I’m generally a bit of an Oscars Schmoscars kind of guy. But even I can’t help being a little interested when Australia has a nominee for Best Foreign Language film. It certainly doesn’t hurt when Tanna (2015), the film in question, is a wonderfully tender and unique love story.
The film is a somewhat traditional tale of forbidden love, but imbued with some really interesting texture from the society that it takes place in. Directors Martin Butler and Bentley Dean are able to ground and immerse the viewer in a naturalism, through the approach taken to the shooting. The story is based on an actual event from the tiny island of Tanna (where the film was shot), and all dialogue is in the local Nauvhal language. All the performances in the film are from the Yakel people, who were clearly involved in almost all facets of the film. The result is cultural immersion, but not in a bland, anthropological sense. There’s a real spark to the people and their interactions that shines through. This is a world of taboo, forbidden places and arranged marriage, and there is a feeling that all of the characters are genuinely impacted upon by these. But there is also plenty of lightness in the film, humour and playfulness abound. Pretty sure this is the first film I’ve seen that featured the line “get her! She stole my penis sheath”. Don’t go in expecting this to be all serious all the time. The film looks great, colour popping off the screen, which is a remarkable effort given the lack of formal filmmaking infrastructure in Vanuatu. It’s a pretty impressive feat to pull off from two debut feature filmmakers.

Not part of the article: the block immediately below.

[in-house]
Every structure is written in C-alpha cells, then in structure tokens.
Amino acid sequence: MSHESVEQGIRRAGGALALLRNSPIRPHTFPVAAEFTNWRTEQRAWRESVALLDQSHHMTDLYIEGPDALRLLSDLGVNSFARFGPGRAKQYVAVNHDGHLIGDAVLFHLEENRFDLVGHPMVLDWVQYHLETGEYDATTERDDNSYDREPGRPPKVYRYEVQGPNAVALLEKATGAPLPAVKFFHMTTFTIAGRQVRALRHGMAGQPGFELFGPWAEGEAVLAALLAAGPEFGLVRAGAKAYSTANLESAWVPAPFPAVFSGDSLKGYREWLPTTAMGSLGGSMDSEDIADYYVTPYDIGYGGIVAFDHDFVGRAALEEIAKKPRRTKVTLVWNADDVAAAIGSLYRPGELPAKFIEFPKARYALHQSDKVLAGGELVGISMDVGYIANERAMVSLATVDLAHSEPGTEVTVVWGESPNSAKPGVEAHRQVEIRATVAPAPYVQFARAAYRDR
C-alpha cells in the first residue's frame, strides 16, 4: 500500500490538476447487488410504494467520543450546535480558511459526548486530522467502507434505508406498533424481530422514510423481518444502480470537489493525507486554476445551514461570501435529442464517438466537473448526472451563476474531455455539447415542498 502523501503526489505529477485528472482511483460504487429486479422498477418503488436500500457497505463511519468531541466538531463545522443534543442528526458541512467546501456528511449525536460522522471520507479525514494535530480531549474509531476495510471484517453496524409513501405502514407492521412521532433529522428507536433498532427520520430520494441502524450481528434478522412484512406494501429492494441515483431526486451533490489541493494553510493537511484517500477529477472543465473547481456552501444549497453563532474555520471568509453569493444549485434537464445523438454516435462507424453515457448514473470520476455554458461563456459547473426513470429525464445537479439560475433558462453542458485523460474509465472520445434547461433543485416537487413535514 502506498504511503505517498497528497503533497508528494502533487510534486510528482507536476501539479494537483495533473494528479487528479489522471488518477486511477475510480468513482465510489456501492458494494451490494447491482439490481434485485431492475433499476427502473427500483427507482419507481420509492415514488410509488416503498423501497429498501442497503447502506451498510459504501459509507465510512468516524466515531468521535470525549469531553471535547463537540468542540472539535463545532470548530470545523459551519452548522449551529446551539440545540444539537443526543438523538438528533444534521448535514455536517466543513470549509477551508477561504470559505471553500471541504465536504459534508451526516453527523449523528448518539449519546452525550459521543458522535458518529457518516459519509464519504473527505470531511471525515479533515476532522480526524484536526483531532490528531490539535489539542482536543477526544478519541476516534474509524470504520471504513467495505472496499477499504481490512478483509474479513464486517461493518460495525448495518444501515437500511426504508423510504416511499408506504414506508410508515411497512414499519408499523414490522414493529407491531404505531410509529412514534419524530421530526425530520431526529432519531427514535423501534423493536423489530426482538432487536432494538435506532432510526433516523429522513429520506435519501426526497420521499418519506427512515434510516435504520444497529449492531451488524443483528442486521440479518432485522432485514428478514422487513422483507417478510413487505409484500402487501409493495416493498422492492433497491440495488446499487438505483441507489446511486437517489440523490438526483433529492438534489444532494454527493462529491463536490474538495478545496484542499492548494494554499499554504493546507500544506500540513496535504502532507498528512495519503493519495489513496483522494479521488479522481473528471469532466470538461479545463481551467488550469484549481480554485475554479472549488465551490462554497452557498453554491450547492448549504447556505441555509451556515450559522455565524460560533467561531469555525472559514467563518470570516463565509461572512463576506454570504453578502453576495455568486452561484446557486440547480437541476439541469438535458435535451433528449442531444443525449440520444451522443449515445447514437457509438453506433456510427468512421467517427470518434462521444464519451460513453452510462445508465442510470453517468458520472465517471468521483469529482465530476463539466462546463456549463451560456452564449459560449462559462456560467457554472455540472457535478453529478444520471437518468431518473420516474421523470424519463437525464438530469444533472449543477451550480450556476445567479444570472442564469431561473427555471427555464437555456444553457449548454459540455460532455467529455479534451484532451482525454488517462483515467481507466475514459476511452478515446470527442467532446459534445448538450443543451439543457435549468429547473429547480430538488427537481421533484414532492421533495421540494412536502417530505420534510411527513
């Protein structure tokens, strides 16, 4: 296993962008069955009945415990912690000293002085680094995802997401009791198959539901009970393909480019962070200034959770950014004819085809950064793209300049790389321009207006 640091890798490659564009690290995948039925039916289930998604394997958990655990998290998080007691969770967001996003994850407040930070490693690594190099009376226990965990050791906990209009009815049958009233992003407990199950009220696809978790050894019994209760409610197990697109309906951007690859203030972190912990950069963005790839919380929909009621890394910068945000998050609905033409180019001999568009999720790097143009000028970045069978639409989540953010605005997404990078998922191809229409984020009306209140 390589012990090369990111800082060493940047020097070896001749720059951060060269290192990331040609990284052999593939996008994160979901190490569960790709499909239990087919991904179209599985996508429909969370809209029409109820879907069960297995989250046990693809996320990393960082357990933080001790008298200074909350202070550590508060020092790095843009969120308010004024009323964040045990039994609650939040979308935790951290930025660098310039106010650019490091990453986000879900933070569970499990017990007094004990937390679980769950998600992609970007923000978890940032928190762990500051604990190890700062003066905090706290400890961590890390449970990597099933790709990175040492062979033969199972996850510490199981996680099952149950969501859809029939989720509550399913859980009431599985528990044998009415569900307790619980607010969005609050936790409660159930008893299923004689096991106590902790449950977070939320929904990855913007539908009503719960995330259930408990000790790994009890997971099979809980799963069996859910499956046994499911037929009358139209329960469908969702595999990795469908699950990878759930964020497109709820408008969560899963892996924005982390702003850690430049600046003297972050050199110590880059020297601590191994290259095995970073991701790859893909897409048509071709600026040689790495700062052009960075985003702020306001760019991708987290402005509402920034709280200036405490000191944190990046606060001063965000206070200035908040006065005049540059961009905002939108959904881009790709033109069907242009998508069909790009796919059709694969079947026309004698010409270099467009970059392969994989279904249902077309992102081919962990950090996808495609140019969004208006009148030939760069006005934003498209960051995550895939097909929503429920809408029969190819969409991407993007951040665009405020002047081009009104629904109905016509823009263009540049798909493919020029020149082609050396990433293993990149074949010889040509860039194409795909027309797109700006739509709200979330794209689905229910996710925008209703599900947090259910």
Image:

The plot itself is one of a couple choosing to chase their love against the backdrop of societal pressure for arranged marriage. You’ve seen/read it before no doubt, but not like this, not performed by these people and in this culture. The use of non-professional actors does not always succeed, but it does beautifully here. Especially from the two romantic leads Marie Wawa and Mungau Dain. Whilst most of the other cast members are essentially playing versions of themselves going about their daily lives, these two are able to convey an incredible amount of longing, intrigue, nervousness, deep joy and desire. This is often wordlessly achieved through stolen glances and simple physicality. It is so well realised that it is remarkable they are not trained actors. There is something really uncontrived about their love scenes together too. They are totally sweet, genuine and, for lack of a better word, loving. The film builds up the tenderness between the two of them very efficiently. From this central romance, the film circles out a lot, which gives you a really excellent sense of culture. Particular in terms of Kastom, the role that tribal law plays in everyday lives and how it impacts on our lovers. Perhaps more than anything else it is these tribal law elements that provide the extra layer of texture to this traditional plot.
Verdict: This film will immerse you and transport you wholly into the Yakel culture. From that starting point, there is a quite beautiful, poignant and classic love story being told here that is delightful and moving to go along with. Pint of Kilkenny